EL PASO, Texas (Border Report) — Community advocates are preparing to assist immigrants following the Trump administration’s announcement that the U.S. Border Patrol and other units would be deployed to “sanctuary cities.”
Acting Immigration and Customs Enforcement (ICE) Director Matthew Albence said on Friday more agents are needed to take into custody unauthorized immigrants released from jails in sanctuary cities and counties. Administration officials said of those places include New York, Chicago, San Francisco, Atlanta, Boston and Detroit.
In Chicago, activists said the measure is “political pandering” to conservative voters and an intimidation tactic to keep mixed-status Latino families from participating in the upcoming Census.
Still, they are taking steps to educate immigrant families about their rights and urging them to take precautions. One piece of advice is to make legal arrangements for custody of U.S.-born children in case the parents are deported. Another is to be in touch with a lawyer and their country’s consulate.
“This is not new, we’ve heard these threats before. Still, we take it very seriously because he (Trump) is on a reelection campaign,” said Artemio Arriola, political director of the Illinois Coalition for Immigrant and Refugee Rights.
The group is telling immigrant families not to be afraid nor stop going to work, schools or stores. But it’s recommending that, if they go out and see immigration agents stalking the neighborhood, they should have an adult U.S. family member take the lead and assert the family’s right to free transit and to remain silent.
“We’re not hitting the panic button. That’s what Trump wants: to get people excited, to create a psychosis, to sow terror in our communities,” Arriola said. “The operation might be real, but we’re telling our people to keep calm.”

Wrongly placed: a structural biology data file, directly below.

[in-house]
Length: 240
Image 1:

At Lincoln United Methodist Church in Chicago’s Lower West Side, Pastor Emma Lozano is likewise telling her congregation not to hide.
“We need to understand as Latinos we need not be afraid. We need to be prepared, know our rights and organize ourselves and fight back,” said Lozano, one of the precursors of the immigration sanctuary movement more than a decade ago.
Lozano said the timing of the announcement doesn’t just coincide with the political election campaigns, but also with the upcoming Census. “This is just another tactic that they’re using at a time we need to be counted… We need to be counted,” she said.
The Trump administration didn’t specify which specific units of U.S. Customs and Border Protection (CBP) would be deployed to sanctuary cities. National press reports mentioned tactical units such as BORTAC. The El Paso Sector in Texas has one such unit.
In a statement to Border Report on Tuesday, CBP said the agents being detailed to assist the office of Immigration and Customs Enforcement (ICE) would come from different units and sectors.
“While some of them are trained in tactical operations, that is one of the many areas of training. These officers have also been trained in routine immigration enforcement actions which is what they have been asked to do,” the CBP statement said. All CBP officers have the appropriate training “and are more than capable of helping ICE fulfill their mission.”
Arriola said these latest developments threaten to undermine the trust that local law-enforcement agencies have built with mixed-status immigrant communities — those in which at least some members are U.S. citizens or legal residents.
“We need to make sure we have assurances from our local governments that they are not going to cooperate with ICE. Otherwise, if people see (a crime), they’re going to be afraid to tell the police, and that’s not good for anyone” he said.